Consists in passing the atmosphere air over a cooling coil where the air is cooled and dehumidified. The air leaving the cooling coil is saturated at the coil temperature. It is then sensibly heated to the required comfort condition of 24°C and 50%RH by passing it over an electric heater then delivered to the room.

Sketch the flow diagram of the arrangement and represent the process undergone by the air on a skeleton psychometric chart and determine

• The temperature of the cooling coil

• The amount of moisture removed per kg of dry air in the cooling coil.

• The heat removed per kg of dry air in the cooling coil and

• The heat added per kg of dry air in the heating coil

Problem 7  flows into another stream of air at 35m3/min at 25°C and 70%RH, calculate for the mixture 1) Dry bulb temperature, 2) Wet bulb temperature 3) Specific Humidity and 4) Enthalpy

It is required to design an air conditioning plant for an office room with the following conditions.

Outdoor conditions: 14°CDBT, 10°CWBT

Required conditions: 20°CDBT,60% RH

Amount of air circulated 0.3m3/min/person

Starting capacity of the office= 60

The required condition is achieved first by heating and then by adiabatic humidifying. Determine the following.

Heating capacity of the coil in kW and the surface temperature required, if the by pass factor of the coil is 0.4 Capacity of the humidifier.

Problem 8  flows into another stream of air at 35m3/min at 25°C and 70%RH, calculate for the mixture 1) Dry bulb temperature, 2) Wet bulb temperature 3) Specific Humidity and 4) Enthalpy

An air conditioned system is to be designed for a hall of 200 seating capacity when the following conditions are given:

Atmospheric condition = 300C DBT and 50% RH

Indoor condition = 220C DBT and 60% RH

Volume of air required = 0.4m3/min/person

The required condition is achieved first by chemical dehumidification and after that by sensible cooling.

Find the following .

• DBT of the air leaving the dehumidifier.

• The quantity of water vapour removed in the dehumidifier per hour.

• The capacity of cooling coil in tons of refrigeration.

• Surface temperature of the coil if the by pass factor of the coil is 0.25.

Solution: flows into another stream of air at 35m3/min at 25°C and 70%RH, calculate for the mixture 1) Dry bulb temperature, 2) Wet bulb temperature 3) Specific Humidity and 4) Enthalpy

Locate point ‘a’, 300C DBT, 50% RH, the atmospheric condition.

Locate point ‘c’, 220C DBT, 60% RH, the required indoor condition.

“Since chemical dehumidification process follows constant enthalpy line”

at a draw a line parallel to constant enthalpy line.

At ‘c’ draw a constant  line to cut the previous line at point b.

DBT of air leaving the dehumidifier Tb = 40.50C

From chart

Hb = Ha = 65kJ/kg, a = 0.013 kg/kg of dry air

Hc = 45 kJ/kg, b = 0.009 kg/kg of dry air, Vsa = 0.875 m3/min

Volume of air = 200 X 0.4 = 80 m3/min

Wa = Weight of air = V/Vsa = 80/0.875 = 91.42 kg/min

Quantity of water vapour removed/hour = flows into another stream of air at 35m3/min at 25°C and 70%RH, calculate for the mixture 1) Dry bulb temperature, 2) Wet bulb temperature 3) Specific Humidity and 4) Enthalpy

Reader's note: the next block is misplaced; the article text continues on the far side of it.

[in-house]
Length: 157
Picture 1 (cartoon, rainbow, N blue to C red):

Wa(a-b)60

= 91.42(0.13-0.009)60 = 21.94 kg/hr

Capacity of cooling coil = Wa(Ha-Hb)/ (60 X 3.5)

= 91.42(65-45)/(60 X 3.5)

= 8.7 tons

By pass factor = (Tc-Td)/( Tb-Td) = 0.25

Td = Temperature of cooling coil = 15.830C

Problem 9 flows into another stream of air at 35m3/min at 25°C and 70%RH, calculate for the mixture 1) Dry bulb temperature, 2) Wet bulb temperature 3) Specific Humidity and 4) Enthalpy

An air conditioned system is to be designed for a cinema hall of 1000 seating capacity when the following conditions are given:

Outdoor condition = 110C DBT and 70% RH

Required indoor condition = 200C DBT and 60% RH

Amount of air required = 0.3m3/min/person

The required condition is achieved first by heating, then by humidifying and finally by heating. The condition of air coming out of the humidifier is 75% RH.

Find the following .

Heating capacity of the first heater in kW and condition of the air coming out of the first heater in kW and condition of the air

Locate point ‘a’, 30 flows into another stream of air at 35m3/min at 25°C and 70%RH, calculate for the mixture 1) Dry bulb temperature, 2) Wet bulb temperature 3) Specific Humidity and 4) Enthalpy0C DBT, 50% RH, the atmospheric condition.

Locate point ‘c’, 220C DBT, 60% RH, the required indoor condition.

“Since chemical dehumidification process follows constant enthalpy line”

at a draw a line parallel to constant enthalpy line.

At ‘c’ draw a constant  line to cut the previous line at point b.

DBT of air leaving the dehumidifier Tb = 40.50C

From chart

Hb = Ha = 65kJ/kg, a = 0.013 kg/kg of dry air

Hc = 45 kJ/kg, b = 0.009 kg/kg of dry air

Vsa = 0.875 m3/min

Volume of air = 200 X 0.4 = 80 m3/min

Wa = Weight of air = V/Vsa = 80/0.875 = 91.42 kg/min

Quantity of water vapour removed/hour flows into another stream of air at 35m3/min at 25°C and 70%RH, calculate for the mixture 1) Dry bulb temperature, 2) Wet bulb temperature 3) Specific Humidity and 4) Enthalpy

= Wa(a-b)60

= 91.42(0.13-0.009)60 = 21.94 kg/hr

Capacity of cooling coil

= Wa(Ha-Hb)/ (60 X 3.5) = 91.42(65-45)/(60 X 3.5)

= 8.7 tons

By pass factor = (Tc-Td)/( Tb-Td) = 0.25

Td = Temperature of cooling coil = 15.830C